Wing: White Calf Tail clump, tied post style
    Tail: Golden Pheasant Tippets
    Body: Peacock Herl/Red Floss/Peacock Herl
    Hackle: Coachman Brown (dark brown), tied parachute

There are variations of this fly calling for brown hackle fibers or brown bucktail fibers used in place of golden pheasant tippets.

Royal Renegade

    Hook: Dry Fly, Sizes: #10-16
    Thread: Black, 6/0
    Hackle: Brown both front and back
    Body: Peacock Herl/Red Floss/Peacock Herl

A very popular Western fly. Some variation call for a tag of flat gold tinsel and some will tie the front hackle white. May be fished wet or dry.

Royal Stimulator

    Hook: TCM 200R, 3X Long, Sizes: 10-16
    Thread: Fire Orange, 6/0
    Tail: Natural Elk
    Abdomen: Peacock Herl/Red Floss/Peacock Herl
    Rib: Fine Gold Wire and Brown Hackle
    Wing: Natural Elk Hair
    Thorax: Fire Orange Dubbing
    Hackle: Grizzly.

Rib may be omitted. Some fishermen prefer dark elk hair.

Royal Trude

    Hook: Dry Fly, Sizes: #6-18
    Thread: Black, 6/0
    Tail: Golden Pheasant Tippets
    Body: Peacock Herl/Red Floss/Peacock Herl
    Wing: White Calf Tail, tied trude
    Hackle: Coachman Brown (dark brown)

Some tyers tie in a rib of fine gold wire. Elk hair, deer hair or Red Hackle fibers can be use for the tail.

Royal Wulff

    Hook: Dry Fly, Sizes: #8-18
    Thread: Black, 6/0
    Tail: Brown Bucktail
    Wing: White Calf Tail, tied upright and divided
    Body: Peacock Herl/Red Floss/Peacock Herl
    Hackle: Coachman Brown (dark brown)

You may also use white bucktail for the wings.

Light Spruce

    Hook: Dry Fly, Sizes: #10-18
    Thread: Black, 6/0
    Tail: Black Moose Hair
    Body: Rear half, Red Floss, front half, Peacock Herl
    Hackle: Badger

This is a very popular Western pattern.

Dr. Kirgen

    Hook: Dry Fly, Sizes: #12-14
    Thread: Black, 6/0
    Tail: Golden Pheasant Tippets
    Body: Peacock Hearl rear quarter, Red Floss Forward
    Wings: White Calf Tail, divided, tied spent

Originated by Len Halladay, the originator of the Adams Fly. He named this fly after his fishing partner, Dr. Kirgen.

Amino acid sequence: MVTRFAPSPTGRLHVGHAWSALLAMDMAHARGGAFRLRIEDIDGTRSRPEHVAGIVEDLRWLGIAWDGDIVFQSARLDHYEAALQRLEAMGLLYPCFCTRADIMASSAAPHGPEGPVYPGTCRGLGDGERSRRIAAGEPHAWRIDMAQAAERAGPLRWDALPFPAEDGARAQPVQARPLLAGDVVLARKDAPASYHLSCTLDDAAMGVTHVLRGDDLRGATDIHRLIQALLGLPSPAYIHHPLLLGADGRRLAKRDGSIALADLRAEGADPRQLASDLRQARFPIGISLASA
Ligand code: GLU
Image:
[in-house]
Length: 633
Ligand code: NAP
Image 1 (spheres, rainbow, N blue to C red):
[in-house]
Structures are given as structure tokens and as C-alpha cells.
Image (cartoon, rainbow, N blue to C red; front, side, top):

Royal Elk Hair Caddis

    Hook: Dry Fly, Sizes: # 12-16
    Thread: Brown, 6/0
    Tail: Golden Pheasant Tippets
    Hackle: Coachman Brown, palmered through the body
    Body: Peacock Herl/Red Floss/Peacock Herl
    Wing: Natural Elk Hair, tied caddis style.

Did you ever see a fly more suited for brook or rainbow?

Wright's Royal

    Hook: Dry Fly, Sizes #8-16
    Thread: Black, 6/0
    Butt: Peacock Herl
    Body: Red Floss
    Wing: Light Elk Hair, tied caddis style
    Hackle: Brown

Developed by Phillip Wright for the Big Hole River in Montana. It's a very effective pattern for anywhere in America.

Royal Coachman Bivisible

    Hook: Dry Fly, Sizes #10-14
    Thread: Black, 6/0
    Tail: Golden Pheasant Tippets
    Body: Peacock Herl/Red Floss/Peacock Herl
    Hackle: Brown Hackle Fibers
    Face: White Hackle Fibers.

The white face on this wingless pattern is highly visible.

I've only scratched the surface of the hundreds of variations on this theme. The wet flies and salmon patterns alone could fill volumes of pages. Remember too, that I only included flies with peacock herl and red floss. If I had altered my criteria a whole new spectrum of flies would have appeared.

The Royal Coachman and all of it's henchmen are truly the grandfather of all attractor patterns when trout aren't feeding selectively. Although it imitates nothing, it is highly productive for all species of trout and a legendary producer of brook trout.

See you on the water… ~ TD